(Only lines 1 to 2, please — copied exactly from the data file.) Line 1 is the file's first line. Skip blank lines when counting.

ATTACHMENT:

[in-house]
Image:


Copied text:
[in-house]
Image: